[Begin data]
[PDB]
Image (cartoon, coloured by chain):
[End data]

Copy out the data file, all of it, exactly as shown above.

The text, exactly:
[PDB]
Image (cartoon, coloured by chain):